According to CareFirst documents, the first Request for Proposals took place in November. In January, the District’s Office of Contract and Procurement (OCP) disqualified three of the MCOs, including CareFirst for what it termed “non-substantive” errors in their subcontracting plans. Two competing plans – MedStar Family Choice and Amerigroup – used old CBE numbers given to them by subcontractors which terminated them from consideration while CareFirst received disqualification from the process due to small typos in its subcontracting plan.
In the District by law, there must be three MCOs to move forward with granting Medicaid contracts. As a result, the process moved into February in which OCP opened up a second round for consideration because only one MCO, AmeriHealth, had been selected.
Meanwhile, the three MCOs that received denial appealed the decision to the District’s Contract Appeals Board (CAB). In consideration, CAB upheld MedStar’s disqualification but overturned Amerigroup’s. CareFirst’s disqualification remained with CAB ruling that the contracting officer had the right not to give it a contract based on the typos of which the company labeled “minor” and “non-substantive.”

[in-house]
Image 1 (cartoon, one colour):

In its documents, CareFirst officials said, ‘what happened next defies logic.” It said Amerigroup “was put back in the original procurement, the one that began in November 2021.” The two remaining plans in the original procurement – AmeriHealth and Amerigroup – received contracts by the OCP by default. As a result, CareFirst and MedStar had to compete for the third MCO spot in February.
CareFirst officials complained that the plans didn’t receive assessment based on “substantive items that matter.”
“For instance, the quality of each plan’s provider network, care coordination and case management tools, etc.,” the documents said. “In other words, the items that have real consequences for the overall quality of healthcare received by low-income District residents were seemingly less important than whether the CBE number listed for a subcontractor was up-to-date.”